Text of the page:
A former employee of the National Restaurant Association on Monday said Herman Cain groped her 14 years ago during an unwanted sexual advance, becoming the fourth woman to accuse the presidential candidate of sexual misconduct and the first to publicly identify herself.
Cain angrily denied the charges, but called a news conference for Tuesday afternoon in Phoenix to address them -- a sign that he believes he needs to speak in more detail about the allegations to try to prevent further damage to his campaign.
Speaking at a press conference in New York City and flanked by celebrity attorney Gloria Allred, Sharon Bialek, a Chicago resident who worked for the NRA from 1996 to 1997, said Cain suddenly reached out and grabbed her after drinks and dinner in Washington D.C. in the summer of 1997. She had left her association job in Chicago, Bialek said, and had traveled to Washington to meet with Cain to ask him for help finding a new job. It was then, she alleged, Cain attempted to force her into a sexual favor in exchange for a job while the two were in a parked car.
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“I was very, very surprised and very shocked,” Bialek said, recounting in detail the aggressive sexual overture. She said she decided to come forward after three other women who worked for the trade group alleged that Cain sexually harassed them on the job. “Mr. Cain, I implore you. Make this right,” Bialek said.
Bialek is the fourth woman to accuse Cain of sexual misconduct, after reports surfaced last week that three subordinates claimed he sexually harassed them when he was the top executive of the NRA from 1996 to 1999. Those women have chosen to remain anonymous, and Bialek’s description is by far the most explicit accusation to date.
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As he has with the prior accusations, Cain on Monday denied any wrongdoing. In a statement, his campaign highlighted the involvement of Allred, an attorney who has represented many celebrities and supported feminist causes, and called the accusations a distraction.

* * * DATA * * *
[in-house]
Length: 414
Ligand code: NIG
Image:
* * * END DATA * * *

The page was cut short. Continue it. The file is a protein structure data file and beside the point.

“All allegations of harassment against Mr. Cain are completely false. Mr. Cain has never harassed anyone,” the statement said. “Fortunately the American people will not allow Mr. Cain’s bold 9-9-9 plan, clear foreign policy vision and plans for energy independence to be overshadowed by these bogus attacks.”
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After being introduced by Allred at a packed press conference, Bialek described her job as a manager with the NRA’s educational foundation, which provided help for high school students interested in restaurant careers. She met Cain at the trade group’s annual convention in Chicago, and chatted with him over the course of dinners and a luncheon, where he was seated next to her.
Bialek, a college graduate and today a single mother of a 13 year-old son, said that when she later lost her job at the foundation, she called Cain to see if he could help her find another position with the NRA or with another employer. She set up a meeting with him in Washington, where the trade group is headquartered.
On the evening she arrived, she had drinks and dinner with Cain, who also told her in the course of the evening that he had taken the liberty of upgrading her room at a Hilton hotel to a suite. After dinner, Cain offered to show Bialek the NRA’s headquarters, but on the way there, he pulled the car over and parked, she said.